In this week’s issue exports rebound, deflation rolls on and car exports zoom. On a scale of 1 to 100, we give the week a 45 for offshore-listed China stocks.

Doug Young, Editor in Chief

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China-U.S. Ties in Focus Ahead of Taiwan Election

China-U.S. ties were front and center in a number of headlines last week, ahead of Taiwan’s presidential election that took place over the weekend and always puts strains on China’s ties with the West. One headline saw the U.S. and China wrap up two days of military talks that have only recently resumed, while another saw senior security officials from both sides meet virtually.

One of the most striking headlines came from the very top, with President Xi Jinping sending a somewhat nostalgic letter to an old friend in Iowa saying “the future and destiny of this planet require Sino-U.S. relations to be more stable, to be better.” The flurry of activity seems to continue a recent thaw in U.S.-China ties as the two sides look for ways to peacefully co-exist.

Exports Rebound, But Deflation Continues

The latest economic data were quite the mixed bag, headlined by a continuing rebound in exports but continued deflation. China’s exports rose 2.3% in December, marking a second consecutive month of growth after a slight gain in November. Imports also rose by a small 0.2%. Both figures spent much of last year in contraction territory, so the increases were a welcome end to the year.

But signals weren’t nearly as positive for the consumer price index, which fell for a third straight months with a 0.3% drop. The producer price index, which reflects prices for manufacturers, fell by a larger 2.7%, and has now been contracting for more than a year. The overall picture still looks quite bleak, reflecting weak sentiment among Chinese consumers worried about the future.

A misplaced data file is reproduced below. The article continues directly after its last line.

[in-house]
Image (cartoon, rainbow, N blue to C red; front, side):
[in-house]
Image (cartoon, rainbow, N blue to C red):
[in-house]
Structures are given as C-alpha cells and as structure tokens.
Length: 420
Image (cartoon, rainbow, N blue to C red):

China Stocks Retreat from Santa Claus Rally

Offshore Chinese stocks continued to sag last week, wiping out nearly all their gains from a surprising – and largely groundless – Santa Claus rally in the final week of 2023. The Hang Seng China Enterprises Index lost 2.2% for the week, and now trades roughly where it was before the brief rally. The iShares MSCI China ETF lost 1.6%, while the broader Hang Seng Index fell 1.8%.

The year certainly hasn’t gotten off to a good start for offshore-listed Chinese stocks, with the Hang Seng China Enterprises Index now down about 5% in the first two weeks of the year. But that hasn’t stopped companies from lining up to list in Hong Kong, with three of the four big global accounting firms expecting IPO activity to double this year from last year’s anemic level.

New energy vehicles waiting for shipping in Taicang, China


Car Sales End 2023 on High Note as Exports Zoom

China’s car sales ended 2023 with a bang, rising 8.5% in December to boost the sector to 12% growth for the year. That’s quite a strong showing considering the tough times carmakers experienced for much of the 2023, with most of the growth concentrated at the start of the year during China’s brief post-pandemic rebound, and also at the end of the year.

The big story of the year was a surge in exports that saw China take the crown for the world’s biggest car exporter from Japan, based on a forecast from one of China’s main car associations. That surge came on the back of China’s recent strength in new energy vehicles that are taking the world by storm.

China Energy Storage Soars

China is already leading the world in the installation of green energy like wind and solar, and now it’s zipping ahead in the related sector for energy storage. The country’s renewable energy storage capacity soared by 150% last year to 34.5 GW, and the figure is expected to double again this year, according to an official from the China Energy Storage Alliance.

Energy storage is a crucial piece for wind and solar power, as it allows for excess energy to be stored when the sun is bright and wind is strong for use when generating conditions are less ideal, such as at night time. As usual, Chinese companies are rushing to answer Beijing’s call to develop the sector, with the result that the country could end up with big excess capacity.

Hong Kong Enters Crypto ETF Race